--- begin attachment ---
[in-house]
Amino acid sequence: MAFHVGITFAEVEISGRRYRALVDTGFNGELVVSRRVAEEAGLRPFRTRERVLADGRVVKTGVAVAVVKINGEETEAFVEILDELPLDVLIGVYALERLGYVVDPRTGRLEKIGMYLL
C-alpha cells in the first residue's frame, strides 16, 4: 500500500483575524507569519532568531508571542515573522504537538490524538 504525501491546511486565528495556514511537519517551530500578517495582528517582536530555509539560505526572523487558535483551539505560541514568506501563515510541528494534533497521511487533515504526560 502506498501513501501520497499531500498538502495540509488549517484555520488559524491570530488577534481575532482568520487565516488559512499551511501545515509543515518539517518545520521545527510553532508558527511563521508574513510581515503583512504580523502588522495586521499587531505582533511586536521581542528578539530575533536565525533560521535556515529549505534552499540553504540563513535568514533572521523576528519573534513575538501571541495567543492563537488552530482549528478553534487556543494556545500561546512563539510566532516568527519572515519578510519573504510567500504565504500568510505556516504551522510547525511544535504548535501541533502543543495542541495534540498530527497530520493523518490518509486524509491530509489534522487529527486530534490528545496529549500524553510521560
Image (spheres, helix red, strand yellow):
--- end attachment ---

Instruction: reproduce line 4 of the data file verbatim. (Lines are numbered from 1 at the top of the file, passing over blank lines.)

Image (spheres, helix red, strand yellow):